Nothing further was done about the matter until January 26, 1897, when the City Council adopted the now famous ordinance introduced by Alderman Sidney Story that would set aside an area where prostitution would not only permitted, but would be legal. The ordinance was changed and adapted several times before it was finally determined that this red-light district would comprise a total of 38 blocks that would be occupied solely by brothels, saloons, cabarets and other enterprises that depended on vice for their prosperity.

The new vice district was dubbed “Storyville” – much to the embarrassment of Alderman Sidney Story, who had proposed its creation in the first place.

Within a few years, Storyville became the most celebrated red-light district in the United States and tourists came from all over to both see and experience it. The gateway to Storyville was the property of Thomas C. Anderson, saloon-keeper, political boss of the Fourth Ward, member of the legislature for two terms, owner of at least one of the most prosperous sporting houses in the district, and the unofficial “mayor” of Storyville. Anderson owned a restaurant and cabaret on Rampart Street, he called the Annex. It was the district’s unofficial town hall.

Storyville boomed during Anderson’s years as leader. The area along North Basin Street was the site of the new district’s swankiest brothels. The imposing three- and four-story mansions were bordellos where business was conducted with considerable elegance and ceremony. Rudeness and lewd behavior on the part of the customers was frowned upon and drunken gentlemen were tossed out. When a man entered the parlor, he was expected to buy a drink – incidentally, at great profit to the house – but the girls were not brought out for inspection unless he requested it. All the sporting houses were more or less expensively furnished and equipped, with as much gilt and velvet as the madams and their financial backers could afford. Many of them had one or more rooms with mirrored walls and ceilings, which were available at special rates; ballrooms with hardwood floors for dancing; and curtained stages for erotic performances that were given whenever sufficient money was offered.

Storyville became an important venue for jazz music. At first, the establishments of the district were reluctant to hire bands – if customers were busy dancing, after all, they wouldn’t be buying drinks or women. But eventually, the new music became too popular to ignore. Buddy Bolden’s band, as well as other hot ensembles, were soon playing regularly at Storyville clubs like Nancy Hank’s Saloon and the Big 25. Tom Anderson’s Annex began by hiring a string trio – piano, guitar, and violin – but eventually became a spot for larger bands, too. The brothels also wanted the new music. It was often in the form of a single piano “professor” playing in the parlor while clients chose their partners for the night, but it was something.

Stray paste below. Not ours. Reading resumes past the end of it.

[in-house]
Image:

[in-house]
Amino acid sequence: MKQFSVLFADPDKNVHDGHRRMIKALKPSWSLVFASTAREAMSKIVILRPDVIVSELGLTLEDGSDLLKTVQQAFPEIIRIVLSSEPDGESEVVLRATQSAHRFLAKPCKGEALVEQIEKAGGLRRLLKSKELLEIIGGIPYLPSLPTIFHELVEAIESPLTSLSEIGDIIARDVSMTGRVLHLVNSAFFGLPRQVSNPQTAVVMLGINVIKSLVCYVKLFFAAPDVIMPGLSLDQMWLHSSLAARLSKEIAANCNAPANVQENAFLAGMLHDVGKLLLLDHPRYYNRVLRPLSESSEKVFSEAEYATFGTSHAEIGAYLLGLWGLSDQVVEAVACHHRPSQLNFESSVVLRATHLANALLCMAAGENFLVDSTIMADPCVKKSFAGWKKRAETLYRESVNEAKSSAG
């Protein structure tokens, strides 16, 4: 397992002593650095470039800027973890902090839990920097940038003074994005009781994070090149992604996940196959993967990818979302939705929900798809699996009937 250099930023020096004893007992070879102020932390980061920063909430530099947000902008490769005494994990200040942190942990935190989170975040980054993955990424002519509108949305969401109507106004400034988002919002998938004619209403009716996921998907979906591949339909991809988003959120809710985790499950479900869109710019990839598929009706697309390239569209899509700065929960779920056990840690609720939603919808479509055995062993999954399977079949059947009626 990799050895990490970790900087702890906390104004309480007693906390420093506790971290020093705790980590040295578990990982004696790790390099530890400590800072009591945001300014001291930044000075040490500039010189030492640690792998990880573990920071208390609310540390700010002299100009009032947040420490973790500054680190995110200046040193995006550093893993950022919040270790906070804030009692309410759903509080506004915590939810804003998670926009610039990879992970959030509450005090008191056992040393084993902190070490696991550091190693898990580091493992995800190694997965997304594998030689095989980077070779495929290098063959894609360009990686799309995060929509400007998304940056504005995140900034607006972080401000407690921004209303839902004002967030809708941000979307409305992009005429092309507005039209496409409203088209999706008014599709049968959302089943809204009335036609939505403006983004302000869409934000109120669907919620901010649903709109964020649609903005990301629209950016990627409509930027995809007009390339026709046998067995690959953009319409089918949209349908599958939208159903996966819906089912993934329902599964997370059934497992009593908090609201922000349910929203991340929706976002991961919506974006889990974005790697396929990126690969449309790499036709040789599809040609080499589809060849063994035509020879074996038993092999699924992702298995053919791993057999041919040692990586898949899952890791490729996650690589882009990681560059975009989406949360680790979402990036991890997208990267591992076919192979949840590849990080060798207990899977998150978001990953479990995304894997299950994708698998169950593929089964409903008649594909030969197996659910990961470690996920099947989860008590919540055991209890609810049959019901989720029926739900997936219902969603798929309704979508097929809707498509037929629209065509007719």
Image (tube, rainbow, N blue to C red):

According to some reports, Countess Willie Piazza was the first madam to bring music into her sporting house, hiring a legendary pianist known as John the Baptist to play on her famous white grand. Other pianists like Tony Jackson, Clarence Williams, and Jerry Roll Morton eventually found their own regular gigs in the district.

Storyville may not be the birthplace of jazz, as has sometimes been claimed, but the various venues in the district did provide many early jazzmen with employment and helped to bring their music to a wider – and usually non-black – audience. Of course, this was what earned jazz its early reputation as “whorehouse music,” but the musicians that played it didn’t much care so long as they had an audience and they were getting paid.

The groundbreaking musicians soon reached a new audience, including reporters who were writing stories about the brothels of Storyville, thus connecting jazz and vice for their readers. Whether the connection was deserved or not, Storyville began the careers of many musicians who went on to great fame. It also provided a home to perhaps 200 or more other musicians who worked the mansions of the district but of whom little record remains today. They are only recalled as whispered legends from a time when music rolled out of brothel windows and echoed down the street.

Unlike jazz, though, Storyville didn’t last. It was doomed by America’s entrance into World War I in 1917. In August, Secretary of War Newton D. Baker issued an order forbidding open prostitution within five miles of an Army camp. A similar rule was made for naval bases and later that same month, Bascom Johnson, representing the War and Navy Departments, visited New Orleans, inspected Storyville, and informed Mayor Martin Behrman that it had to be shuttered. Mayor Behrman protested all the way to Washington, but it was no use. If the city didn’t close Storyville, the military would do it for them.

The deadline was November 12. After that, it would be illegal to operate a brothel anywhere in New Orleans. On Saturday night, November 10, two days before the new law went into effect, a large force of police officers was sent to Storyville to prevent the trouble that was expected to come from the closing. None developed and, in fact, the district was quieter than usual, as if in mourning. There were a few people in the streets but most of the saloons, cabarets, and brothels were empty. Many of them had already closed and the red lights had been removed from the windows of others.

On November 11, madam Gertrude Dix appealed to the civil courts for an injunction that would prevent the city from closing the district, but the request was refused. The exodus from Storyville had actually started two weeks earlier but most of the prostitutes had waited for the result of Gertrude Dix’s application for a restraining order. When the news of her failure spread, wagons and vans began hauling away whatever furniture remained that had not been sold to the second-hand dealers. As late as midnight on November 12, there was still a parade of women, laden with property, leaving the district. The next afternoon, police officers visited every house and informed the women that if they remained in Storyville, they had to take down their red lights and that they would be watched and arrested if they continued to operate.